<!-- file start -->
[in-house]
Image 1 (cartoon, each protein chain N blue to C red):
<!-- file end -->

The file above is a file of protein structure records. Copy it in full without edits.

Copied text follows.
[in-house]
Image 1 (cartoon, each protein chain N blue to C red):